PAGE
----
·         MSDS (Material Safety Data Sheet) will now be referred to as SDS (Safety Data Sheet).  Since all material will now be standard throughout the world all SDS will need to comply.
    ·         Classification: Suppliers must classify their products using the new GHS-based criteria.  This will be a complex task for many.
Mandatory transition to GHS is a couple of years away (December 1, 2018); however early adoption will insure a smooth transition for your company.  Contact CHEM Safety today for new WHMIS 2015 Training courses available.

Wednesday, October 7, 2015

CONSTRUCTION HEATER SEASON IS HERE!


CHEM Safety is ready to certify your workers in AB and SK to learn about gas code requirements for propane construction heaters. Classroom training is combined with practical hands-on instruction at your AB./SK. workplace or project site.
3-year certification is provided through the Canadian Propane Association. Contact us(AB./SK./MB.) to arrange your training session.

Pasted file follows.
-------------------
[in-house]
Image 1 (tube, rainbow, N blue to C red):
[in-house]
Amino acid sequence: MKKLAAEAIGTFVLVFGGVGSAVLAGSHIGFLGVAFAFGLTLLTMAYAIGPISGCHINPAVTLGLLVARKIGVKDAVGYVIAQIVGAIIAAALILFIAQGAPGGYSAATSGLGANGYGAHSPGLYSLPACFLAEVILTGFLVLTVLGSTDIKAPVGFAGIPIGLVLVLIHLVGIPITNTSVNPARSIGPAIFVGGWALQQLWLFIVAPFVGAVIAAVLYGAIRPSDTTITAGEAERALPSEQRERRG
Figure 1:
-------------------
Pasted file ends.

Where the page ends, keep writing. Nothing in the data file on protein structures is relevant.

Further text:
Monday, June 9, 2014

Prepare Yourself for Proposed Changes to WHMIS Based on the GHS International Standard

Prepare Yourself for Proposed Changes to WHMIS Based on the GHS International Standard Leadership Summit on May 14 to explain how proposed WHMIS legislation changes and adoption of the “GHS” standard will impact suppliers, distributors, and end users of hazardous products. View this important industry presentation to help you understand how your business may be affected. 
CHEM Safety's Principal Instructor, Chris Jodouin, spoke at the Canadian Propane Association
We're updating our WHMIS Train-the-Trainer course to help you prepare for this new legislation. Learn more about upcoming WHMIS Train-the-Trainer courses and access our online registration page.in-the-Trainer course to help you prepare for this new legislation. Learn more about upcoming WHMIS Train-the-Trainer courses and access our online registration page.

Tuesday, May 27, 2014

Escalade Training Name Change

Escalade Training Name Change

Effective January 1, 2014, Escalade Training is operating as 'CHEM Safety'.
Our new name is the final step in our rebranding, to emphasizes an increased focus on training and consulting related to workplace chemical products, propane and other gases, and the new WHMIS legislation.

We'll continue to provide the same engaging and informative courses and training materials.  You can explore our products and services, including new courses, at www.CHEMsafety.ca

Click here to read the full announcement and information on legal info.